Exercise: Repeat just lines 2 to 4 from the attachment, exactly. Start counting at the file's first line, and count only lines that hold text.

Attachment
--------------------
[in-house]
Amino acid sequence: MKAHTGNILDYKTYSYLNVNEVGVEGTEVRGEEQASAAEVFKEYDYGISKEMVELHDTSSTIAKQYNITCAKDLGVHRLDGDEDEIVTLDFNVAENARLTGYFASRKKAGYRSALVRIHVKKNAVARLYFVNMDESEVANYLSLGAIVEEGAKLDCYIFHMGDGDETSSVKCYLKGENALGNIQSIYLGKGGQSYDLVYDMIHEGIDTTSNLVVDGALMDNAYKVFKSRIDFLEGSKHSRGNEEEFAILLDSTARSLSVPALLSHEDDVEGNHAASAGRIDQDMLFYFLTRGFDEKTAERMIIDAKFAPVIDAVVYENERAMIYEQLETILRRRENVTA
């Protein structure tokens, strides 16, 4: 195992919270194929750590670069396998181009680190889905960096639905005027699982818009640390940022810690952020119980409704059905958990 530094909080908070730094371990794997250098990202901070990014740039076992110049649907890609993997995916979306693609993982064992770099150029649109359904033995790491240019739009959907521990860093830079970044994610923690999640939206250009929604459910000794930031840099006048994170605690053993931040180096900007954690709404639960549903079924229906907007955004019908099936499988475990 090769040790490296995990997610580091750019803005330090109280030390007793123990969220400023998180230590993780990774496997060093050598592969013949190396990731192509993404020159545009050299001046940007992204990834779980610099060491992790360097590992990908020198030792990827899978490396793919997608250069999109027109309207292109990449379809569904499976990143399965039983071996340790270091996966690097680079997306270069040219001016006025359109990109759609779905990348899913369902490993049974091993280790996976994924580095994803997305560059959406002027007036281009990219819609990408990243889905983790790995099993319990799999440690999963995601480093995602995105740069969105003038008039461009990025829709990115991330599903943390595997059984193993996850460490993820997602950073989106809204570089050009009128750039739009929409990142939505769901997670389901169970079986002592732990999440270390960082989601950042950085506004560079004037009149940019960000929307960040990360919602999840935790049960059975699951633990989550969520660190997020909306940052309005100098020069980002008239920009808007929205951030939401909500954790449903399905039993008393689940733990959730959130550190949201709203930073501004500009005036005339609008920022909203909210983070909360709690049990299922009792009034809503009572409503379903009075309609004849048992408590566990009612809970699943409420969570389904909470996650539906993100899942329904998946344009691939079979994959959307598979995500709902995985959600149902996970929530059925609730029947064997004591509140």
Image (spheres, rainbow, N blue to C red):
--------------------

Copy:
Amino acid sequence: MKAHTGNILDYKTYSYLNVNEVGVEGTEVRGEEQASAAEVFKEYDYGISKEMVELHDTSSTIAKQYNITCAKDLGVHRLDGDEDEIVTLDFNVAENARLTGYFASRKKAGYRSALVRIHVKKNAVARLYFVNMDESEVANYLSLGAIVEEGAKLDCYIFHMGDGDETSSVKCYLKGENALGNIQSIYLGKGGQSYDLVYDMIHEGIDTTSNLVVDGALMDNAYKVFKSRIDFLEGSKHSRGNEEEFAILLDSTARSLSVPALLSHEDDVEGNHAASAGRIDQDMLFYFLTRGFDEKTAERMIIDAKFAPVIDAVVYENERAMIYEQLETILRRRENVTA
């Protein structure tokens, strides 16, 4: 195992919270194929750590670069396998181009680190889905960096639905005027699982818009640390940022810690952020119980409704059905958990 530094909080908070730094371990794997250098990202901070990014740039076992110049649907890609993997995916979306693609993982064992770099150029649109359904033995790491240019739009959907521990860093830079970044994610923690999640939206250009929604459910000794930031840099006048994170605690053993931040180096900007954690709404639960549903079924229906907007955004019908099936499988475990 090769040790490296995990997610580091750019803005330090109280030390007793123990969220400023998180230590993780990774496997060093050598592969013949190396990731192509993404020159545009050299001046940007992204990834779980610099060491992790360097590992990908020198030792990827899978490396793919997608250069999109027109309207292109990449379809569904499976990143399965039983071996340790270091996966690097680079997306270069040219001016006025359109990109759609779905990348899913369902490993049974091993280790996976994924580095994803997305560059959406002027007036281009990219819609990408990243889905983790790995099993319990799999440690999963995601480093995602995105740069969105003038008039461009990025829709990115991330599903943390595997059984193993996850460490993820997602950073989106809204570089050009009128750039739009929409990142939505769901997670389901169970079986002592732990999440270390960082989601950042950085506004560079004037009149940019960000929307960040990360919602999840935790049960059975699951633990989550969520660190997020909306940052309005100098020069980002008239920009808007929205951030939401909500954790449903399905039993008393689940733990959730959130550190949201709203930073501004500009005036005339609008920022909203909210983070909360709690049990299922009792009034809503009572409503379903009075309609004849048992408590566990009612809970699943409420969570389904909470996650539906993100899942329904998946344009691939079979994959959307598979995500709902995985959600149902996970929530059925609730029947064997004591509140």
Image (spheres, rainbow, N blue to C red):